Going “All In” to Stop Scam Robocalls: Senate Approves TRACED Act
May 23, 2019: Passed, 97-1; S. 151, The Telephone Robocall Abuse Criminal Enforcement and Deterrence Act
Sooner than expected, but not soon enough for most consumers, the United States Senate has approved amendments to the TRACED Act to take on robocalls. This fast-tracked legislation, arguably one of the biggest moves yet, will increase fines up to $10,000 for each call and increase the statute of limitations for prosecution up to three years for violators. For service providers, it will require call authentication to be developed, rules to be established for call blocking, and a process to authenticate and dispute for those whose calls are blocked adversely. Also, an interagency working group is to be formed by the Department of Justice and the Federal Communications Commission (FCC) to report on the progress. Next, the bill will go to the House.
Are they going up, or are they going down?
With robocalls and scams, it’s hard to tell. Earlier this year, Hiya reported a 325% growth in spam calls worldwide in 2018. Earlier this month, YouMail’s Robocall Index noted a 6.5% increase in robocalls nationally from April 2019 over March 2019 and an increase of 34.4% over April 2018. But in March 2019, it reported that there’d been a drop in robocalls in February, down from the all-time high of 5.2 billion in January. From Neustar’s unique perspective in providing Caller ID for the industry, we have seen a slight drop in calls. While this cannot be directly attributed to any specific action, indications are that anti-robocall tools deployed by Neustar, analytics vendors, and service providers are having a positive impact.
Solving the top consumer complaint
Whether up or down, what we do know is that robocalls still plague consumers at epidemic levels and remain the top consumer complaint received by the FTC (Federal Trade Commission). That’s why it was interesting to see the one vote against the TRACED Act, as it seems it’s needed now more than ever. Expectations are for increasing legislation against robocalls, including more laws from the House. All are in line with the push from the FCC to protect consumers.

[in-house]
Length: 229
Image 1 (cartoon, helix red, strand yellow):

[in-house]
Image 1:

In the last two years, the FCC has enacted rules that allow service providers to block calls from known fraudulent numbers, levied the largest fines in history to robocall kingpins, written directly to the heads of the leading phone companies to urge them to deploy call authentication, and proposed that call blocking by carriers be offered by default for all subscribers. Recently, FCC Chairman Ajit Pai called a Robocall Summit for July 11, 2019, to check in on progress.
While the FCC and regulators work to raise awareness and take action to protect consumers, the industry has responded by providing anti-robocall analytic tools to detect, flag, and block calls. And more recently, the industry has focused on adopting STIR/SHAKEN to use digital certificate technology to verify that phone calls aren’t being spoofed by fraudsters. Interoperability testing of STIR/SHAKEN implementations in the ATIS Robocall Testbed is up 188% since December 2017.
What does this mean for enterprise calling?
While all of this is certainly good news for consumers, increasing anti-robocall techniques also increases the amount of enterprise to consumer calls that are inadvertently blocked or tagged as spam. For businesses that rely on the phone to connect with customers, this means putting a plan in place to ensure that these calls get through.
It’s time to pull out all the stops, so we can trust answering calls once again. Are you ready?